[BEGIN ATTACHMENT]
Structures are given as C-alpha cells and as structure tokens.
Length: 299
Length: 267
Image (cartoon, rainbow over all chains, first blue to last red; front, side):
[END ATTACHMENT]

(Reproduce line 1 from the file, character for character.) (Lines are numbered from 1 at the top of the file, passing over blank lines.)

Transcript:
Structures are given as C-alpha cells and as structure tokens.